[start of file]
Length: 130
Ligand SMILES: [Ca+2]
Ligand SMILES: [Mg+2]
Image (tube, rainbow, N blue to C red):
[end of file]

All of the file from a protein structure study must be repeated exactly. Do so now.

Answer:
Length: 130
Ligand SMILES: [Ca+2]
Ligand SMILES: [Mg+2]
Image (tube, rainbow, N blue to C red):